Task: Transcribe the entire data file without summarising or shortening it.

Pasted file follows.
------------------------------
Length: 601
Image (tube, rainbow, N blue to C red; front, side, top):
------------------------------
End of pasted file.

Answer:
Length: 601
Image (tube, rainbow, N blue to C red; front, side, top):